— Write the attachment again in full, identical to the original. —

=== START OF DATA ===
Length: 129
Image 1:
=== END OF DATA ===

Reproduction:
Length: 129
Image 1: